The claycourt season is off and running and it’s already a case of déjà vu, with Rafael Nadal dominating from the outset on his way to an 11th Monte Carlo title.
Rafa is truly remarkable, but should we really expect him to walk in after a prolonged injury break and win his 11th Barcelona and Roland Garros titles as well?
The answer should be no. He will though– if this younger generation don’t hurry up and look at ways to try and break down his game.
It’s worrying how players seem beaten before they even walk on court against Rafa. With the exception of Nick Kyrgios, most players are overawed and lack any strategy; they’re just happy to be on court in the company of the great man.
Who realistically can stand up and make that mental and tactical adjustment to their game this claycourt season and put some pressure on Rafa?
There are only three players who I see have the ability to stop Rafa from completing yet another sweep of the year’s big claycourt titles – Novak Djokovic, Juan Martin del Potro and Dominic Thiem.
— Tennis TV (@TennisTV) April 22, 2018
Djokovic still needs more match play to build his game back to its best. If he can stay fit through this sequence of tournaments he has a winning head-to-head record over Rafa (26-24), and that brings its own confidence to the court that so many lack.
As for Del Potro, he’s not scared to take Rafa on and hit through him. He can flatten his shots and take time away from the Spaniard. The issue for Delpo is his two-handed backhand. Obviously that has been trouble because of his wrist injuries and he’s had to use the slice more than he would like. On clay that’s a bigger problem.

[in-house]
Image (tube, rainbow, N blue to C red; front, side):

The two-hander crosscourt is crucial to opening up the court against Rafa; that’s the one shot Djokovic has that really does damage against him. Del Potro has to play aggressively against Rafa on clay, as you can’t let him dictate and start manoeuvering you around the court.
The youngest of this trio is Dominic Thiem, and he’s the best hope among the younger generation. However, he faces two disadvantages. One is Rafa’s ability to expose his single-handed backhand with the left-handed topspin forehand – the same tactic that worried Roger Federer for all those years.
The second issue for Thiem is the same problem I see with all the young guns – I worry about their lack of ability and investment in improving tactical awareness during a match. In the past 12 months I’ve not seen Thiem make inroads to improve his game on all surfaces. He’s won on grass, yes, but he’s playing the same tennis on all surfaces.
You could use the analogy of what Rafa did to adapt and improve on grass – he stood up on the baseline and returned there, he changed his court positioning, he learned to win at net. Yet Thiem, and other young players, are not doing this. They’re playing the same tennis, every day, on every surface.
There is a homogenised group of players emerging from the same cookie-cutter, lacking tactical awareness and feel.
There has to be variation in your game. No matter what opponent it is out there on court, there’s a part of their game that they’re not comfortable with. There’s an area of their game that will break down.
Does that come from playing a low slice? Is it throwing the ball up high over their shoulder? Is it attacking their second serve to build pressure and bring a double fault on a crucial point?
I’ve named three players who could potentially challenge the king of clay, but for the sake of some exciting tennis, hopefully someone else will step out from the pack. It’s hard, but you have to have the guts to make progressive change while competing. That’s the key.
If nobody does, it’s hard to see anything other than Rafa winning an incredible 11th Roland Garros title in June.
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